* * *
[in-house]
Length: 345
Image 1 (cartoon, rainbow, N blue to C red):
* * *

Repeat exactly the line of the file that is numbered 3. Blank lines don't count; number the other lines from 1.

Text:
Image 1 (cartoon, rainbow, N blue to C red):